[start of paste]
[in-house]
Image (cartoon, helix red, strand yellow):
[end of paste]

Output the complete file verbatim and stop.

[in-house]
Image (cartoon, helix red, strand yellow):